What Do You Really Need In Your Long-Term Care Plan?

By Mary Alice Hughes & Lisa Bamburg, Co-Owners of Insurance Advantage & LMA Financial Services

Baby-boomers are in many ways experiencing a different “aging process” than that of their parents and grandparents.  A 55 year-old adult child may live half-way across the country from his parents today where years ago he most likely would have been closer to home.  And the middle-aged daughter is now more likely to work away from the home rather than be a stay-at-home mom or housewife.

One thing that hasn’t changed is experiencing the decline of a parent’s health.  Because the adult child is unable to take off work to care for the parent, this decline in health many times results in the need for home health care, assisted living care or even a nursing home stay.  It is when care begins that the “boomer” and his parents realize that Medicare doesn’t cover most long-term care (www.medicare.gov).

It is at this point that many “boomers” start looking at long term care insurance for themselves.  Unfortunately, many purchase insurance plans that are not adequately designed.  They simply look for the best price! 

What does a good long-term care plan need to include?   

With a combined 25+ years of experience in the industry, we have seen the good, the bad and the ugly.  In our professional opinion, a long-term care plan should include three main components.

First, an individual should make some calls or visit facilities to determine cost of care in their area.  This will allow the client to start out with an adequate monthly benefit.  For example, if cost of care is $7,000 a month and the client has monthly income of $4,000, he may want to purchase a policy with an initial monthly benefit of $4,500 knowing he can use some of his income to supplement the difference.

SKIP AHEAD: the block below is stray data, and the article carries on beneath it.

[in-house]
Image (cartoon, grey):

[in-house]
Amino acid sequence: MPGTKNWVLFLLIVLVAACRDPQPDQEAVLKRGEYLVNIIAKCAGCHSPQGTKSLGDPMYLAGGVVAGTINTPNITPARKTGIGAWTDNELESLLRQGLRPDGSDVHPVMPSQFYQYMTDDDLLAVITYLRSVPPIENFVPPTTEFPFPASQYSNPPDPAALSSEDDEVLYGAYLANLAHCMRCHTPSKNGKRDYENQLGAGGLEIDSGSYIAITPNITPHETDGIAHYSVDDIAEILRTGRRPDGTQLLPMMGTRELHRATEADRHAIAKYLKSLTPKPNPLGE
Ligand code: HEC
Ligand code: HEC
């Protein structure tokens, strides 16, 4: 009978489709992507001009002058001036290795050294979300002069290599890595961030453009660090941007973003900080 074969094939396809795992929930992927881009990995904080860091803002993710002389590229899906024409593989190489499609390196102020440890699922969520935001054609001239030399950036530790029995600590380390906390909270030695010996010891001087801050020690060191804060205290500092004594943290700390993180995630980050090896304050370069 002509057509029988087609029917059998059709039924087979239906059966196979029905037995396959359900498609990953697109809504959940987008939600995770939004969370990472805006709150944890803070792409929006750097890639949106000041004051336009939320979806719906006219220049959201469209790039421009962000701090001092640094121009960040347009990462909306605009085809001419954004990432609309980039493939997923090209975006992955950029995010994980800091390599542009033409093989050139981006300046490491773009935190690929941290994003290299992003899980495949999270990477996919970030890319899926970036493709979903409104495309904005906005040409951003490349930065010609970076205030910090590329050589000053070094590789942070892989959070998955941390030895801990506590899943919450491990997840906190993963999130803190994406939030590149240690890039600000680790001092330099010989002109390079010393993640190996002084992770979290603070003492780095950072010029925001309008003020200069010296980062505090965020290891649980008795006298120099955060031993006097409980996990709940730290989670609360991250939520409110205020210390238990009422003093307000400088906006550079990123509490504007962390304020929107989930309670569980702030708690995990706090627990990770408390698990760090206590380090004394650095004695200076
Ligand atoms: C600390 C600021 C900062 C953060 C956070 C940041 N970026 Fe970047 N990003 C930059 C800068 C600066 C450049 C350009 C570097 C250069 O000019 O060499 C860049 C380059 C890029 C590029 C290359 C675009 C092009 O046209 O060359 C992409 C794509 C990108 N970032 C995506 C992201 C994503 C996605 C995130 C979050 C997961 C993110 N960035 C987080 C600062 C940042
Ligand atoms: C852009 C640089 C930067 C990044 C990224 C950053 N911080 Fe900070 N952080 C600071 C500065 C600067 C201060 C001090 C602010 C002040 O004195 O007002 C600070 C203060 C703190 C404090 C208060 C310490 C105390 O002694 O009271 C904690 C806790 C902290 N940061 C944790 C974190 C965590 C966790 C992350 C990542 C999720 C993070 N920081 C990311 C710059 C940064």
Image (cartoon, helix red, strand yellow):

Secondly, most policies sold today offer a “waiver of home care elimination period”.  This allows the individual to start benefits day one if home care is needed.  They can keep a higher elimination period for facility care, which lowers the premium somewhat.

Lastly, because the cost of care increases, the individual is foolish not to include compound inflation protection.  Whether he needs 3%, 4% or 5% should be discussed with the agent selling the policy.  Too many people have purchased policies in the past and then when the need for care arises, they don’t have an adequate monthly benefit.  Don’t let this scenario happen to you!

When shopping for long term care insurance, work with an agent who carries multiple companies and has experience in the industry.  Don’t try to navigate these waters on your own.

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